Pakistan was born with the promise that everyone was free to practice their religion and would be guaranteed basic rights. Hindus that made up 23 percent of the population of Pakistan at the time of partition, are now only 6 percent, and in general do not feel welcome or secure. Abductions, forced conversions and marriages have pushed the community, which was once a centre part of life in Pakistan, to the margins.

The majority of the Hindu population is settled in Sindh and the province has witnessed a rise in crimes targeting the religious minority. Hindu girls are specifically targeted to convert them to Islam. According to a report by Movement for Solidarity and Peace, 1000 non-Muslim girls are converted to Islam every year in Pakistan. While in Sindh, the ratio is 20 or more girls per month. This is resulting in the migration of 5000 Hindu families from Pakistan to India per year. The issue was raised by the Patron-in-Chief of the Pakistan Hindu Council (PHC), Dr Ramesh Kumar who argues that religious pressure groups promote hate mongering in the region and create enough pressure to stop anyone from taking any action.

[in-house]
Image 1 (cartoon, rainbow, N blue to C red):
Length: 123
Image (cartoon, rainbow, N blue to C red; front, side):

The crime against Hindu girls is inhumane and cruel. Hindu girls are kidnapped and held long enough for the conversion to be finalised. In the meantime, the police refuses to take any action, and after a couple of days the girl is brought back with legal documents of conversion. This ensures the legal cover to avoid being punished by law. To add insult to injury, the Sindh assembly has also returned the bill that was unanimously passed by the Sindh assembly to guarantee protection of minorities.

The PHC under such circumstances has demanded suo moto action against the instances and to punish criminals under the blasphemy law eradicate such crimes, and with a rigid society and inefficient parliament, the Supreme Court often seems like the only hope. It is the job of the federal government and provincial governments to stem forced conversions, and inspire confidence and trust in Hindu communities, which it is failing to do.